Rep Debbie Dingell, the wife of former Rep John Dingell, has announced that she is busy writing a gun confiscation bill. She claims that the bill would include due process, but that’s impossible.
The only way you satisfy both would be to have a court appearance before the guns are confiscated. That’s not what this bill does. This bill confiscates the guns first. Since she says she’s modeling it after the Indiana law, that means you have fourteen days to go to court and show that there was a reason to confiscate the guns in the first place.
I could be wrong but get the wrong cop or judge and you can lose a constitutional right.
Also, in my humble opinion, you would be reversing due process. If they took you to court first, then the burden of proof is on them but if you have to go to court to get your guns back, the burden of proof then shifts to you. It also makes you vulnerable to vengeful relatives and neighbors.
Your brother or your sister could call the police and falsely claim you threatened them with your gun.
How could you possibly prove you didn’t. It’s their word against yours and you have the burden of proof.
The Salt Lake Tribune summed up the Indiana law, “In Indiana, law enforcement can confiscate weapons without a judge’s order. The gun owner must ask the court to get the weapons returned.”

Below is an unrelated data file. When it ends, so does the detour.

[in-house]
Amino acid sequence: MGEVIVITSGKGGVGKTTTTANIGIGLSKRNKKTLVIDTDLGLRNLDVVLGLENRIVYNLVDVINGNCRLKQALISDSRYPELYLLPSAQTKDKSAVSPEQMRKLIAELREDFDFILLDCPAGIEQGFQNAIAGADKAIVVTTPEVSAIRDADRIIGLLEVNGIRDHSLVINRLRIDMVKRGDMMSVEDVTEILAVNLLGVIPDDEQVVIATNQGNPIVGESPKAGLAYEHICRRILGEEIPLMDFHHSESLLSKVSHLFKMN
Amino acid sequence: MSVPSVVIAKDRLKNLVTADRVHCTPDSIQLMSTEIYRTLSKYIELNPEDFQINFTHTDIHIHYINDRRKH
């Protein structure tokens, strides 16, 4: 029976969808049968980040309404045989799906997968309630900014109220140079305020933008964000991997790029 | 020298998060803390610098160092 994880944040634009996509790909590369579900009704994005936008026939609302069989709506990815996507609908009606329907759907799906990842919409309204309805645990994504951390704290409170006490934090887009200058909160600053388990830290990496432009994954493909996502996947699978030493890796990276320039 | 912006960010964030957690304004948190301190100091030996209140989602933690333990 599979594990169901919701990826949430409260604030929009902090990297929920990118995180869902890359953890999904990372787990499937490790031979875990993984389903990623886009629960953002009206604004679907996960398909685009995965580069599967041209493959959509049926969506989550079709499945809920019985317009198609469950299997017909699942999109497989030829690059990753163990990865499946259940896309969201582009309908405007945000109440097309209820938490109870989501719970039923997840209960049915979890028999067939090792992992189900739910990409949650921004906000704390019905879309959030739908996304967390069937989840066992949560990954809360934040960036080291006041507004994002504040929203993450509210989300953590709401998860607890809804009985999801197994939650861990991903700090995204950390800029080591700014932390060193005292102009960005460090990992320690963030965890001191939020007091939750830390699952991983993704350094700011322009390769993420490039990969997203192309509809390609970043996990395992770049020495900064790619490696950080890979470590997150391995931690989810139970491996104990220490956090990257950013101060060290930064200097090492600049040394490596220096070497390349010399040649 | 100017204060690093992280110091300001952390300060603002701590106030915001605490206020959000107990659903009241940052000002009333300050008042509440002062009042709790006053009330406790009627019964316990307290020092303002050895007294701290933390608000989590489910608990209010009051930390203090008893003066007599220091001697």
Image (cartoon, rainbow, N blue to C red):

Extreme Risk Protection Orders have proved a popular gun control response to the February 14 Parkland school shooting. However, it is difficult to believe such orders would have prevented that attack.
On February 23, 2018, Breitbart News reported, “The family with which [Cruz] was staying repeatedly called the police on him in November 2017 but refused to file charges when sheriff’s deputies arrived.
A member of the family with which Cruz was staying explained away Cruz’s erratic behavior by saying he ‘had been suffering significantly from the loss of his mother’ earlier in the month.”
I think we can all agree that crazy and extremely violent people do not need to have guns, but on the other hand, I don’t want someone innocent to have to face accusations that he or she can’t win.
Maybe they could amend the bill to mete out mandatory jail sentences for making a knowingly false claim?